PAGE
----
Investors who are concerned about their long-term exposure to the equities market may consider an ETF strategy to navigate the markets on autopilot, using the 200-day moving average – a tried-and-true technical indicator widely used by market mavens to identify key trends and the direction they’re most likely headed.

On the recent webcast, How Investors Can Navigate the Markets on Autopilot, Sean O’Hara, President of Pacer ETFs, highlighted the benefits of a trend following strategy that could diminish draw downs during bearish market conditions to help improve the overall, long-term investment returns.

For example, during the depression that started in 2007, the markets experienced a loss of 5.7% before the index fell below its 200 day simple moving average. If an investor were to adhere to a trend following strategy, he or she would have avoided most of the 51.9% total market loss during the October 2007 through November 2008 period.

Over the period of 1999 through 2018, a portfolio strategy that followed a 100% position in S&P 500 when above its 200 day simple moving average or 100% T-bills when below the 200 day simple moving average produced a return of 5.36%. On the other hand, a 100% position in the S&P 500 regardless of market conditions produced a return of 4.86%. It can be seen that a simple trend following strategy helped investors avoid the steeper drop offs while still maintaining an investment portfolio’s upside potential.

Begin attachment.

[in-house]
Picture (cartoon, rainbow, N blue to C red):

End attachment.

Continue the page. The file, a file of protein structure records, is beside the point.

As a way to help investors automate the trend following strategy, Pacer has come out with the Pacer Trendpilot strategy, which is implemented through a rules-based indexing methodology found under the fund provider’s four ETFs – Pacer Trendpilot US Large Cap ETF (BATS: PTLC), Pacer Trendpilot US Mid Cap ETF (BATS: PTMC), Pacer Trendpilot 100 ETF (BATS: PTNQ) and Pacer Trendpilot European Index ETF (BATS: PTEU).

“The Pacer Trendpilot strategy seeks to participate in the market when it is trending up, pare back market exposure during the short-term market down trends, and prevent extended declines by moving to T-bills during long-term market down trends,” O’Hara said.

For example, the Pacer Trendpilot US Large Cap indexing methodology experienced annualized average returns of 6.87% from 1999 through 2018, with annualized volatility of 11.62% and a maximum drawdown of -17.6%. In comparison, the S&P 500 Index experienced an annualized average return of 4.9%, a 19.2% annualized volatility and -55.3% maximum drawdown.

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